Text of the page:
How Has Technology Enhanced Police Communication & Training?

by Kevin Lee

Before patrol cars had two-way radios, North Carolina police officers in the 1930s had to phone headquarters to find out where their next assignments would be. Twenty-first century police officers use tools that might seem like science fiction if their 1930’s counterparts could see it. Taking advantage of technological advances in areas such as optics and software, today’s police train to fight crime productively and with fewer risks.

Crime Fighting in Total Darkness

Bullard, a manufacturer of protective systems, explains how some officers now train to fight crime by learning to use thermal imaging technology. Unlike regular night-vision goggles, thermal imagers work in total darkness. After learning to use a thermal imager, an officer can see people and objects in darkness because of the heat they emit. Thermal imagers work in all weather conditions and can also help trained law enforcement personnel during investigations and rescue operations.

Encrypted Communications

Ordinary citizens can monitor some police communications using police scanner radios. Police departments around the country are beginning to hide their private communications from the public using new technology that encrypts their conversations. Encrypting communication gives police officers more security and privacy in their communications. NBC News reports the Nassau County, N.Y. police department is even upgrading its encrypted communications system to give it the ability to interface with neighboring law enforcement agencies.

Virtual Reality Training

"A virtual shoot-out took place Friday," notes Matt Joyce, staff writer for the Dallas Business Journal. Joyce describes a virtual reality police training session where officers wore helmets that let them to see a virtual reality environment in which a crime is occurring. Using this type of training, police can practice maneuvering in a realistic scenario, such as a bank robbery, and practice skills unique to that environment. Officers even meet in debriefing sessions after their VR training sessions to discuss their experiences.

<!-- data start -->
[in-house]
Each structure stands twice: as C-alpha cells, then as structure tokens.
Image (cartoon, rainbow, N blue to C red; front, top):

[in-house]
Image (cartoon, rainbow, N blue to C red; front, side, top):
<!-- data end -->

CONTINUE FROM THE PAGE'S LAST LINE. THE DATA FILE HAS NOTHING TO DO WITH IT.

Social Media Communication

USA Today reports that some police departments monitor Internet chat rooms and use social media sites such as Twitter. This practice helps them stay informed and connected with their communities. Some police officers even write blogs from their cars and upload them to social media sites. Fellow officers can then learn about breaking events happening on their beats by reading those blogs.

About the Author

After majoring in physics, Kevin Lee began writing professionally in 1989 when, as a software developer, he also created technical articles for the Johnson Space Center. Today this urban Texas cowboy continues to crank out high-quality software as well as non-technical articles covering a multitude of diverse topics ranging from gaming to current affairs.

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